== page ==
Symptoms of a Bad or Failing Fuel Hose

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Cost of Replacing a Bad or Failing Fuel Hose

Signs of a bad car fuel hose are visible cracks along the fuel hose exterior, the smell of gas in the car, and visible fuel leaks under the car. Our certified technicians can come to you and diagnose the problem. You will receive a $30 credit towards any follow-up repairs that result from the diagnostic. Following are example prices for Fuel Hose Repair. Click on the button below to get an upfront quote for your car.

Cars Estimate Parts Cost Labor Cost Savings Average Dealer Price
1966 Jeep CJ5 $72 $1.50 $70.00 34% $109.00
2001 Chevrolet Silverado 1500 $113 $8.19 $105.00 33% $169.44
1994 Nissan Sentra $144 $74.38 $70.00 20% $181.88
1995 Chevrolet K3500 $74 $4.26 $70.00 33% $111.76
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How to Diagnose a Bad or Failing Fuel Hose?

fuel hose

Fuel hoses, also commonly referred to as fuel lines, are the rubber hoses in the fuel system that deliver fuel from the gas tank to the engine. The hoses are usually made of rubber that is reinforced by several layers that can properly hold the pressure generated by the vehicle’s fuel system. While they are built for a long service life, over time fuel hoses can dry out or crack, and begin to leak. Aside from causing performance issues, any sort of fuel leak can also quickly become a safety hazard due to the high flammability of gasoline. Any sort of fuel leaks should be addressed as soon as possible. Usually a bad or failing fuel hoses will produce a few symptoms that can alert the driver of a potential issue.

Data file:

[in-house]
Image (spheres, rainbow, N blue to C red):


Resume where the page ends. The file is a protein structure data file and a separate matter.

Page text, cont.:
1. Visible cracks along exterior of the hose

One of the first symptoms of a potential issue with the vehicle’s fuel hoses is visible cracks along the exterior of the hose. Over time, as the vehicle is driven, the hoses can become dried out, and begin to crack. Cracked hoses will not be able to hold the fuel system pressure as reliably as hoses that are in good condition, and will be more susceptible to leaks.

2. Fuel smell

Another symptom of an issue with the fuel hoses is a gasoline odor from the vehicle. Over time fuel hoses can wear out and break down, and leak. Small leaks will cause the vehicle to emit fuel vapors which may cause a noticeable odor. Small leaks that produce a fuel odor will also eventually grow into larger leaks, which will cause more serious issues.

3. Fuel leaks

Another symptom of a bad or failing fuel hose is visible fuel leaks. If any of the hoses break down, dry up, or wear out enough they will leak fuel. A leaky fuel line will produce either drips, or in more serious cases puddles of fuel underneath the vehicle. A leaky fuel line will also cause a drop in fuel pressure, which can compromise the operation of the fuel system, which can cause engine misfires and stalling.

Fuel hoses will typically last several years before they have any issues, however that may vary depending on the amount that the vehicle is driven. If your vehicle is experiencing fuel leaks, or you suspect that one of your hoses may be having an issue, have the vehicle inspected by a professional technician, such as one from YourMechanic, to determine if any of the hoses should be replaced.

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